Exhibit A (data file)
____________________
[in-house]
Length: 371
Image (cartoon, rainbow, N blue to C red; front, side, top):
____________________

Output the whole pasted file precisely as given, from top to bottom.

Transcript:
[in-house]
Length: 371
Image (cartoon, rainbow, N blue to C red; front, side, top):